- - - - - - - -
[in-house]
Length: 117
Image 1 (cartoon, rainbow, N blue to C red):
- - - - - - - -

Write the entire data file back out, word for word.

[in-house]
Length: 117
Image 1 (cartoon, rainbow, N blue to C red):